I was reading an article the other day about how to be successful in life. In particular, it talked about how the questions you ask yourself every day determine the kind of life you lead.
Because those questions trigger answers that lead to actions.
So if you ask yourself limiting questions, you’ll get limited results. If, instead you ask yourself forwarding questions, you set no boundaries to what you can achieve in life.
I thought about it for a moment: what questions do I most often ask myself every day?
- “Can I get away with hitting snooze one more time?”
Believe it or not, I ask myself this question every single morning at around 7am.
- “Where’s the phone” and “Where did I put my keys”
These are pretty popular questions — a panic attack often follows shortly afterwards.
- “What was I supposed to say/remember or what did I come into this room for?”
I'm sure it's a sign that I am aging, that’s OK.
- “Why didn't I learn parkour?”
Parkour is SIK. But then I remember that if I ever take a class the other kids will humiliate me and laugh at me — kids are mean.
- “Am I wasting my time?”
The answer is unfortunately often: YES.
- "What the hell?!?"
- “Ketchup or Catsup?”
This is a daunting question, but I don’t wanna know the answer.
- “Why did I do that?” alternatively "Why did I say that?"
I ask myself these questions every time I do/say something stupid and then I immediately want to hit Ctrl - Z to undo. But then my brain kicks in and I realise it’s too late and that I’m just a moron.
Then there’s the question I like the most: “What am I going to cook/eat?”
Not surprisingly, I always have the answer to that question. I don’t mean to brag, but I know my way around the kitchen.
Take for instance this Thai Pork and Zoodle salad. The idea for this recipe popped-up in my head the other night. Just like that.
I eat something similar at a Thai place here in town, with rice noodles instead of zoodles.
I love it because it’s a complete and refreshing dish.
I know that refreshing isn’t usually an adjective that we associate with pork or spicy food — but in this salad the bright flavor of zoodles, lime juice, carrots, scallions, and cilantro transform the pork into something so light and delicious.
It’s spicy, salty, sour, and sweet — all at once. It also has a terrific texture, with crisp carrots, scallions and tender noodles.
I like to serve it on a large platter so that everyone can customize their meal. It can also be easily doubled or tripled for a crowd.
One bite is all it takes: it’s love at first salty-sour-sweet-crunchy forkful.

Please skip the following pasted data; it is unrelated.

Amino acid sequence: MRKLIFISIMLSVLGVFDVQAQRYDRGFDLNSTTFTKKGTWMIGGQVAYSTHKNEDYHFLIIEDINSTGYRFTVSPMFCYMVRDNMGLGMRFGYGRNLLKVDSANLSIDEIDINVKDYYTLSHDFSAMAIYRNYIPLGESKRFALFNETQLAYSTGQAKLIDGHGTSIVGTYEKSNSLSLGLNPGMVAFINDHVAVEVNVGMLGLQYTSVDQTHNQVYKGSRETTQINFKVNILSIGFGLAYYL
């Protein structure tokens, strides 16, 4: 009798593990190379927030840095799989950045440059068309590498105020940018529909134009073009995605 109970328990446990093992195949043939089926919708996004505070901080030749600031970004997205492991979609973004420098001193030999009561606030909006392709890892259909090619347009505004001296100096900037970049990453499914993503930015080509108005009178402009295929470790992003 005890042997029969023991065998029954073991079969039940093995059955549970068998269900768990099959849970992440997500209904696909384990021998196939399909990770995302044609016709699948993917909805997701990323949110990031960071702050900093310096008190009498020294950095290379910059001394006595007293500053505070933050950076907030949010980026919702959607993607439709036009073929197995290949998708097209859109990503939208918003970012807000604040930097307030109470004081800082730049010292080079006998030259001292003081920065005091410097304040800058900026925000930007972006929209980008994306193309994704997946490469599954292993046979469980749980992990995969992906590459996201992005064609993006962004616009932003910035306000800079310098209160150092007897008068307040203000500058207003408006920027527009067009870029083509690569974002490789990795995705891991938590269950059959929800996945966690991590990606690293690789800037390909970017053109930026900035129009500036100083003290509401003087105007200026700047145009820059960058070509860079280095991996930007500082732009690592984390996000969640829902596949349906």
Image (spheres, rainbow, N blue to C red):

6 medium zucchini
1 2-inch piece fresh ginger, peeled and grated
4 tablespoons wheat-free soy sauce (or coconut aminos)
3 tablespoons Sriracha (make your own Sriracha with this recipe)
Juice of 2 limes
1 teaspoon fish sauce (I used Red Boat)
2 tablespoons olive oil, divided
1 lb / 453 gr organic ground pork
4 tablespoons toasted sesame seeds
2 carrots, julienned
2 scallions, thinly sliced
1 chili pepper, seeded and chopped
Handful of fresh cilantro, chopped
Using a spiralizer create zucchini noodles (always read the directions for your spiral slicer as they vary by brand - I use this spiralizer.) If you don't have a spiralizer use a regular vegetable peeler to vertically peel long, thin strips of the zucchini. This will form more of a wider "noodle" from the zucchini, like fettuccini.
Place the noodles in a covered microwave safe dish and microwave them on high for about 2 minutes. Alternatively, you can cook them in boiling water for 2 minutes.
Let noodles rest for about 3 to 5 minutes in the bowl so that they can release all of the moisture. Drain the excess water and set aside.
In a small bowl mix grated ginger, soy sauce (or coconut aminos), Sriracha, fish sauce, lime juice and 1 tablespoon of olive oil. Set aside.
Heat remaining tablespoon of olive oil in a large skillet over medium-high heat, add ground pork and cook until brown, about 15 minutes - breaking it into small pieces with the tines of a fork.
Add ½ of the sauce and cook for further 5 minutes.
Arrange zoodles, pork, carrots, scallions, chili pepper, cilantro on a large serving platter. Sprinkle with toasted sesame seeds and serve with lime wedges and remaining sauce.
One serving yields 495 calories, 35 grams of fat, 9 grams of carbs and 21 grams of protein.